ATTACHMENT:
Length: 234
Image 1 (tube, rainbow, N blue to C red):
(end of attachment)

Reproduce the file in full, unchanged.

Length: 234
Image 1 (tube, rainbow, N blue to C red):